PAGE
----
China breaks ground on first “Forest City” that fights air pollutionKrishna Prasad
A pollution-fighting green city unlike any before is springing to life in China. Designed by Stefano Boeri Architetti, the first “Forest City” is now under construction Liuzhou, Guangxi Province. The futuristic city will use renewable energy for self sufficiency and be blanketed in almost 1 million plants and 40,000 trees—a sea of greenery capable of absorbing nearly 10,000 tons of carbon dioxide and 57 tons of pollutants annually.
Commissioned by Liuzhou Municipality Urban Planning for the north of Liuzhou along the Liujiang river, the 175-hectare Liuzhou Forest City will be the first of its kind that, if successful, may raise the bar for urban design worldwide. This first Chinese Forest City will host 30,000 people in a community where all buildings are entirely covered in nearly a million plants of over 100 species, as well as 40,000 trees, that produce approximately 900 tons of oxygen. The use of greenery-covered facades builds on Stefano Boeri’s previous works, including the Vertical Forest residential building in Milan.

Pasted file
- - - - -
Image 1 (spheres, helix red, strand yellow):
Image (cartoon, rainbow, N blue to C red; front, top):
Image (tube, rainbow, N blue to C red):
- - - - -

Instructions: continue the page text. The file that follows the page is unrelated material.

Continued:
The new green city will be entirely wired and connected to Liuzhou with a fast rail line used by electric cars. Powered by geothermal and solar energy, Liuzhou Forest City will include residential areas, commercial and recreational spaces, two schools, and a hospital. The project is slated for completion in 2020.
The architects write: “The diffusion of plants, not only in the parks and gardens or along the streets, but also over building facades, will allow the energy self-sufficient city to contribute to improve the air quality (absorbing both CO2 and fine dust of 57 tons per year), to decrease the average air temperature, to create noise barriers and to improve the biodiversity of living species, generating the habitat for birds, insects and small animals that inhabit the Liuzhou territory.”
Images via Stefano Boeri Architetti